Summer Sundae Weekender 2011 – De Montfort Hall & Gardens, Leicester

August 17, 2011 by  

This weekend Summer Sundae Weekender returned to the grounds of Leicester’s De Montfort Hall for its 11th year. After the successes of the last few years SSW can certainly consider itself established in the festival calendar and this year promised to be the best yet.

It’s fair to call Friday the “cool band” day with The Maccabees , The Bees, and indie royalty in Graham Coxon all gracing the main stage. The Maccabees showcased their impressive new material as headliners whilst Coxons ‘Freakin Out’ gets the award for most awesome guitar riff of the weekend.

It’s worth noting that Summer Sundae is an especially family friendly festival. The Garden plays host to plenty of activities to keep the kids amused including face painting, the inspired Make Your Own Top Hat stall and even a tug of war! There’s plenty of weird and wonderful traders too. Punters can pick up a bargain or two at the charming vintage fair or even get a massage if the crowd surfing gets a little too strenuous.

Saturday has an excellent variety of musical treats on offer. The acoustic styling’s of Teddy Thompson positively lit up the Musicians Stage. The breezy ‘I’m Looking For A Girl’ being the highlight here. Next it’s a quick dash over to the Last FM Rising Stage to catch the end of Pete and The Pirates. The Reading quintet’s delightfully quirky guitar pop goes down well with a decent sized crowd. A special mention goes to vocalist Thomas Sanders’ hangover proof festival shades. All frontmen should wear sunglasses at festivals. It’s the law! Over on the main stage Reef blast through a solid set. The timeless ‘Place Your Hands’ has everyone buzzing and in the mood for headliner Newton Faulkner.

One would think it would be difficult for one man and an acoustic guitar to hold a festival crowd for the duration of a full headlining set. This would indeed be the case if the man in question wasn’t as absurdly talented as Newton Faulkner. There’s no fireworks here, no flashy light show, just devastatingly proficient guitar playing. ‘Badman’ and ‘To The Light’ are so technically brilliant that one could be forgiven for thinking there were two more secret guitar players hidden backstage! Faulkner has a great pop song in him too. He has the crowd firmly onside, singing along with the sublime ‘I Need Something’ taken from his No.1 album ‘Hand Built By Robots’. Some witty crowd banter from Newton reinforces his reputation as one of the nicest characters in music before ‘Dream Catch Me’ has the entire crowd singing as one. His version of ‘Teardrop’ is another great festival moment, but it’s a different cover that really steals the show. Everyone knows ‘Bohemian Rhapsody’ is the song you don’t cover – hell, even Queen didn’t ever play it 100% live. As the audience watches open mouthed Faulkner pulls it off – Galileo’s and all! A huge ovation ensues. This was as close to a flawless festival set as one is ever likely to see. As with Mumford and Sons last year, credit is due to the Summer Sundae organisers for making the booking and realising that the simplicity of great songs performed well can make a festival headliner truly memorable.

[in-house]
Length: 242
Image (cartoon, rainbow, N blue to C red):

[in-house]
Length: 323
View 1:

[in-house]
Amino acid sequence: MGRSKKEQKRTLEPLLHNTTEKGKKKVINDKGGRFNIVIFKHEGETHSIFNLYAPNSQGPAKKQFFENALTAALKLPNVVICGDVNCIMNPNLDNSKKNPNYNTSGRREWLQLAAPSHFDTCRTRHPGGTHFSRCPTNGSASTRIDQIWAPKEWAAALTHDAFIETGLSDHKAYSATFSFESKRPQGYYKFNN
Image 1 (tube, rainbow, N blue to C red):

The third day festival blues are in abundance on the Sunday as the hangover from Saturday nights epic silent rave makes its presence felt. Fortunately there are enough coffee and food stalls to keep everyone energised.

The Cuban Brothers set certainly wakes everyone up. An enormous Tom Selleck tash and a tight funk/soul soundtrack is perfect Sunday afternoon entertainment! The most hilarious/memorable mid song banter and stage….ahem… choreography is X rated and wouldn’t be appropriate to recount on these pages. Let’s just say that The Cuban Brothers show is well worth seeing.

Next up its Example. The Fulham rapper draws a big crowd at the main stage. ‘Stay Awake’, ‘Watch the Sun Come Up’ and ‘Natural Disaster’ are huge crowd pleasers but it’s No.1 smash ‘Changed The Way You Kissed Me’ that really works the crowd into a frenzy.

Then it’s a quick dash indoors to catch Mercury nominated Everything Everything. They rattle through debut album ‘Man Alive’, the complex arrangements of ‘My Kz, Ur Bf’, ‘Tin (The Manhole)’ and ‘Leave The Engine Room’ delight and bewilder the audience in equal measure. If it’s possible to get a good idea of what a band is about from one song it has to be the incomparable ‘Suffragette, Suffragette’. The beautiful harmonies, the startlingly original lyrical content or it’s sudden shifts in styles.

“More, my arc light, my knees. When she casts off her clothes I don’t know what is reality…My death throes, this – indefinite pose, her flesh codes – inconceivable
Oh suffragette, suffragette I wanna be outlawed and AWOL”

It’s a bold statement but Everything Everything are arguably the most important band at the festival, at any festival for that matter. It has been said that their mantra is to avoid cliché at all costs. They certainly achieve this – whilst other acts can be entertaining or thought provoking, Everything Everything are all this and more. It genuinely feels as though they’re constantly moving things forward and pushing boundaries. An unpredictable and undeniably exciting future lies ahead.

11 years in and Summer Sundae Weekender continues to excel. The friendly atmosphere and eclectic line up always adds up to a thoroughly enjoyable weekend. Whilst other festivals can feel bloated and too corporate at times Summer Sundae retains its sense of uniqueness and continues to go from strength to strength.


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